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Massachusetts Court Finds No Constitutional Prohibition Against Defendant’s Home Confinement or GPS Monitoring While Awaiting Outcome of Motion for New Trial

If you have been arrested on a felony or misdemeanor charge, a conversation with a Cape Cod criminal defense attorney regarding the details of your situation is crucial in preventing your rights under the United States Constitution from being violated. During the arrest and investigative stage of proceedings, one of the most important of these rights is the right under the Fourth Amendment to be free from unreasonable searches and seizures. Generally speaking, this means that officers must secure a search warrant to search your vehicle or residence unless one of the limited exceptions established by caselaw is present.

During trial, you have a Sixth Amendment right to the assistance of counsel, as well as the right to a jury trial and the right to cross-examine witnesses presented by the government in its case against you. The Sixth Amendment also guarantees those accused of criminal activity the right to be informed of the charges being brought against them and the right to a “speedy” trial.

Once a conviction has taken place, a criminal defendant is protected against cruel and unusual treatment by the Eighth Amendment. Knowing your legal rights at each step of a criminal case is important, as law enforcement must be kept in check lest they overstep their bounds.

Facts of the Case

The defendant in a recent appellate case was indicted on charges of trafficking in heroin in violation of Massachusetts Gen. Laws ch. 94C, § 32E(c) and possession of cocaine with intent to distribute in violation of Massachusetts Gen. Laws ch. 94C, § 32A(c). The case was tried to a jury, and the defendant was convicted on both charges. She was sentenced to five years in prison on the trafficking charge and two years of probation on the possession charge; the sentences were to run concurrently.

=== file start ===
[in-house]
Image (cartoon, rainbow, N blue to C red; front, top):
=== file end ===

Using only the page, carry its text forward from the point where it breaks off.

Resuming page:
The defendant appealed her conviction and was given leave by the intermediate appeals court to file a motion for a new trial. She sought a stay of her sentence while the motion was pending. The trial court granted the motion but imposed certain conditions on the defendant’s release, including home confinement and GPS monitoring (the defendant was to remain in her home except for medical and legal appointments). The defendant sought reconsideration, arguing that the conditions set by the trial judge violated her Fourth Amendment rights. After her request was denied, the defendant appealed.

Outcome of the Appeal

The Supreme Judicial Court of Massachusetts affirmed the lower court’s order with regard to the conditions imposed upon the defendant for her release pending the pursuit of a new trial. In the reviewing tribunal’s opinion, the defendant’s confinement to her home was not a “seizure” within the meaning of the Fourth Amendment. In so holding, the court noted that the condition was imposed pursuant to a valid conviction and a lawful sentence imposed thereupon.

With regard to the defendant’s argument concerning the GPS monitoring, the court agreed that it was a “search” under existing principles of constitutional law. However, the court went on to find that the search was reasonable under the circumstances of the case.

Speak to an Attorney About a Cape Cod Criminal Matter

Facing charges for an alleged misdemeanor or felony can be frightening. So much is at stake if you are convicted: jail time, hefty fines, and a criminal record that could haunt you for the rest of your life. At the Law Offices of John C. Manoog III, we can provide the felony criminal defense that you need in order to have the best chance of a fair outcome in court. To schedule an appointment, call us at 888-262-6664. Always remember: you have the right to remain silent. It is best to talk to a lawyer before giving any type of statement to law enforcement or consenting to a search of your vehicle or home.

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